Tuesday, May 12, 2015


In response to Kirk Tuck's piece.

The critical change which has occurred in photography, photography as an aspect of our society, is the duration of our relationship with a photo. In 1970 a photo was a permanent artifact. We might file it away, but it remained. Our relationship was essentially open ended.

With the advent of digital photography and - far more important - the sharing and social networking ethos, our relationship with most photos is very short. I see an amusing object, snap, edit, send. My relationship with the photo is measured in seconds, maybe a minute. That's a thing I actually do, albeit always as a single recipient transaction. If I shared on a social media platform there might be  a secondary life as multiple recipients interact with the photo for a few seconds each. Maybe I would get some likes and the photo would pop up in my consciousness for a few seconds in a day or two. But that's it. The photo lives on as digital detritus, but it is, in the collective consciousness of humanity, gone.

This is new. Photos become far more like the spoken word, the gesture, a live performance. A photo is like a joke or an anecdote told at a party. Photos are ephemera.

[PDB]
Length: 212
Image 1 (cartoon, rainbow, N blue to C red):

A printed photo acquires more weight, more solidity in our consciousness, even today.

This is a reason for books. By placing a photo in a book you render it literally solid. You demand more of your viewer: to see the photo you must touch the book, turn the page. It requires, relative to Facebook or Flickr, infinitely more commitment from the viewer.

This is, really, why I don't share online. Your zero-commitment evaluation of my picture is of literally no value to me. Multiply by the millions more viewers I could reach, and I get a million times zero, still zero, value. I don't care.

I value the judgment of someone willing to lift a book and turn a page. If there's nobody willing to do that, so be it. That won't make me value a worthless +1 a jot more.

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